At fifty the guarantee runs out... About to hit the big five-oh, obsessed with sex, cocaine-fuelled and gripped by a crippling fear of death, Professor Michael Cole is finding life a bit of a struggle. It's finding the time to squeeze everything in, really. He's supposedly writing the definitive biography of his literary hero, John Donne, but barely manages three hundred words a week. His insatiable enthusiasm for his prettier female students might be partly to blame, but they are only young once. And the fact that one of his female colleagues has yet to succumb to his charms is, admittedly, a distraction he could well do without. But throw in a fight for promotion, a wife to lie to and two small children to look after and it's no wonder his blood pressure has reached life-threatening heights. He knows the time has come to act his age. The question is how. Because Michael Cole is very much a creature of habit and, as we all know, old habits die hard. But it's when he's caught in the act of adultery by his grandmother that Cole truly begins to see the writing on the wall. After all, she's been dead for twenty-five years... Marrying humour, heart and a singular understanding of the human condition, WHILE THE SUN SHINES is an uproariously funny yet hugely affecting novel about growing-old disgracefully and the price we sometimes have to pay...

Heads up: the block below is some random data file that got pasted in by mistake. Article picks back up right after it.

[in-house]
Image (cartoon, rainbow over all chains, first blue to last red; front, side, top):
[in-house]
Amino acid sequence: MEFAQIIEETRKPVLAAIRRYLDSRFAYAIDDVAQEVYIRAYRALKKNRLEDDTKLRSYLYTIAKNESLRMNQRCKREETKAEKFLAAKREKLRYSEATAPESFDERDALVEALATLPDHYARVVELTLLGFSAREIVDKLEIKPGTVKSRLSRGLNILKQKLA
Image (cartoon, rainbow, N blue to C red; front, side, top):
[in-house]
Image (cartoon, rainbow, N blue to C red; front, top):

The purpose of this book is to bring together the most recent knowledge concerning the genetic improvement of ornamental plant species. Active researchers of many aspects of the genetics and breeding of these species have written chapters organized into three sections: Cytogenetics, Quantitative Genetics and Molecular Genetics. These titles identify the basic tools used in a variety of breeding situations. Some are traditional and well established; others offer new and exciting challenges for the future. vii Introduction The purpose of this book is to bring together recent knowledge concerning the genetic improvement of ornamental plant species. In the 20th century flower breeding has become widespread leading to many improvements in phenotypic and production characteristics of ornamental species. These methods depends on the creation and subsequent selection of genetic vari- ability. Lack of variability in gene pools has been a chief limitation to the success of flower breeding. Recent progress in molecular biology makes it possible to add genetically well-defined characteristics to gene pools, thus increasing the potential for genetic improvement. These methods also enable the specific silencing of genetic information to accomplish an intentional loss of function. This book compiles current knowledge of the cytogenetics, quantitative genetics, and molecular genetics of ornamental plant species. The three sections identify the basic tools used in a variety of breeding situations.